$ kubectl get pods web-0 -o jsonpath='{.spec.containers[*].name}'

[#run-commands-using-kubernetes-resources] Executing a command in a Pod via a connected Kubernetes resource [#run-commands-using-kubernetes-resources]

By default, the [.inline-code]kubectl exec[.inline-code] command assumes that the specified resource a command should be executed on is a Pod.

To execute a command on another resource, such as a Deployment, a Statefulset or a Service, you can use the following syntax:

 $ kubectl exec [-it] <resource>/<name> -- <command>

Where:

  • [.inline-code]resource[.inline-code] is the type of the resource (e.g. [.inline-code]deployment[.inline-code], [.inline-code]service[.inline-code]).
  • [.inline-code]name[.inline-code] is the name of the resource.
  • [.inline-code]command[.inline-code] is the command to execute on the Pod managed by that resource.

For example:

 $ kubectl exec -it deployment/nginx -- bash

This command will execute the [.inline-code]bash[.inline-code] utility in interactive mode in the first container of the first Pod managed by the [.inline-code]nginx[.inline-code] Deployment.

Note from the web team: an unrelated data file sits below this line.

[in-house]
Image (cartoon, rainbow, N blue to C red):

[#run-commands-using-a-yaml-file] Executing a command in a Pod using a YAML manifest [#run-commands-using-a-yaml-file]

Another way to execute a command in a Pod is to use the YAML manifest the Pod or the Deployment was created from.

To achieve this, you can use the [.inline-code]-f[.inline-code] flag (short for [.inline-code]--filename[.inline-code]) as follows:

 $ kubectl exec -f <file> -- <command>

Where:

  • [.inline-code]file[.inline-code] is the relative or absolute path to the YAML manifest file.
  • [.inline-code]command[.inline-code] is the command to execute on the Pod declared in this file.

For example:

 $ kubectl exec -f deployment.yaml -- ls /

This command will read the [.inline-code]deployment.yaml[.inline-code] file and execute the [.inline-code]ls /[.inline-code] command in the first Pod of the replicaset of the Deployment specified in that file.